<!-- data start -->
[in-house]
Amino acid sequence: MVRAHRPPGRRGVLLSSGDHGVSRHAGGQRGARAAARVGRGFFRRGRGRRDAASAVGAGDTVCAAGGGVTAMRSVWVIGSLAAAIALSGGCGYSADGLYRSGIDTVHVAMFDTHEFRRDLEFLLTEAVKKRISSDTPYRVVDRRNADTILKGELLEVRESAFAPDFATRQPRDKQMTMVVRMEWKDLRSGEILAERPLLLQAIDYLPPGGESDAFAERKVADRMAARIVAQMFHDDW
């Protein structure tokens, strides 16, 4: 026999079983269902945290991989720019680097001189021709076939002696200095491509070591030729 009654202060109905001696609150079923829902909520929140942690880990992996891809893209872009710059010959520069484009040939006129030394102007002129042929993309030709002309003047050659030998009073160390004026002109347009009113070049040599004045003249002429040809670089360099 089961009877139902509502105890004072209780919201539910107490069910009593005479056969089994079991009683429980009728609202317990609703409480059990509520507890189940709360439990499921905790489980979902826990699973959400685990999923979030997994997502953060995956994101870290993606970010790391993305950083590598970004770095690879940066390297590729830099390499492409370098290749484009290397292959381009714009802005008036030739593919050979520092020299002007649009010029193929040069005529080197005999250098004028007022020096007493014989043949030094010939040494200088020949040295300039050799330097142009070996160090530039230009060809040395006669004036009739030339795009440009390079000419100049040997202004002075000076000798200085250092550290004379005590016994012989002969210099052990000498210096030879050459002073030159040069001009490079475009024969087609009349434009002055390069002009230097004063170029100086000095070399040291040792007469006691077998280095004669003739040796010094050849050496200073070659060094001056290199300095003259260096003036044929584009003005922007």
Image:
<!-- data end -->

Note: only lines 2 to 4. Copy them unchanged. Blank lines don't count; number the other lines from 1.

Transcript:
Amino acid sequence: MVRAHRPPGRRGVLLSSGDHGVSRHAGGQRGARAAARVGRGFFRRGRGRRDAASAVGAGDTVCAAGGGVTAMRSVWVIGSLAAAIALSGGCGYSADGLYRSGIDTVHVAMFDTHEFRRDLEFLLTEAVKKRISSDTPYRVVDRRNADTILKGELLEVRESAFAPDFATRQPRDKQMTMVVRMEWKDLRSGEILAERPLLLQAIDYLPPGGESDAFAERKVADRMAARIVAQMFHDDW
């Protein structure tokens, strides 16, 4: 026999079983269902945290991989720019680097001189021709076939002696200095491509070591030729 009654202060109905001696609150079923829902909520929140942690880990992996891809893209872009710059010959520069484009040939006129030394102007002129042929993309030709002309003047050659030998009073160390004026002109347009009113070049040599004045003249002429040809670089360099 089961009877139902509502105890004072209780919201539910107490069910009593005479056969089994079991009683429980009728609202317990609703409480059990509520507890189940709360439990499921905790489980979902826990699973959400685990999923979030997994997502953060995956994101870290993606970010790391993305950083590598970004770095690879940066390297590729830099390499492409370098290749484009290397292959381009714009802005008036030739593919050979520092020299002007649009010029193929040069005529080197005999250098004028007022020096007493014989043949030094010939040494200088020949040295300039050799330097142009070996160090530039230009060809040395006669004036009739030339795009440009390079000419100049040997202004002075000076000798200085250092550290004379005590016994012989002969210099052990000498210096030879050459002073030159040069001009490079475009024969087609009349434009002055390069002009230097004063170029100086000095070399040291040792007469006691077998280095004669003739040796010094050849050496200073070659060094001056290199300095003259260096003036044929584009003005922007």
Image: